Online dating and matchmaking system
gets a cut from each customer at Three Day Rule, says Sam Yagan, CEO of the Match Group, which oversees Three Day Rule founder Talia Goldstein says Match approached her company last fall.
Three Day Rule — whose handful of matchmakers serve New York, Los Angeles, Chicago and San Francisco — plans to add more matchmakers and the cities of Dallas, Boston and Washington by the end of the year.
"We also take historical data into account, as well as distance — people in Dallas are more inclined to date someone far away than someone in Manhattan, who might not want to date someone who lives in Queens," Thombre said.
And it's only going to get more sophisticated from here — in fact, has its sights set on using facial recognition technology to allow users in the future to highlight the features they are most attracted to.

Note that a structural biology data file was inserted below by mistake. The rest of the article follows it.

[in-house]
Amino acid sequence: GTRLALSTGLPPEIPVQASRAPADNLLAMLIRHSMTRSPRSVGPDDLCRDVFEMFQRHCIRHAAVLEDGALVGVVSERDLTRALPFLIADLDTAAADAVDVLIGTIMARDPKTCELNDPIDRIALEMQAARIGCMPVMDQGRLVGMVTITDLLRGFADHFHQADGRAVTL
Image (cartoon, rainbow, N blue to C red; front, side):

This will help the company provide matches most in tune with their preferences. With more than 1.9 million paid subscribers, Match.com's data pool has been increasing for the past 18 years.
It is the largest dating site in the world and according to the company, has brought more people together than any of the platforms on the web.
Between them, they own the industry, and where do they go from there? "They have two problems — a limited number of people left to reach and a limited price point."Matchmaking has exploded in the past few years.
Reality TV series such as Bravo's The Millionaire Matchmaker and other copycats have targeted the professional who has plenty of money but not enough time to hunt for a relationship. Traditional dating sites, which have millions of daters, haven't tried to reach this profitable market until now.
One month as a Match member costs about $35; at e Harmony, it's $59.95.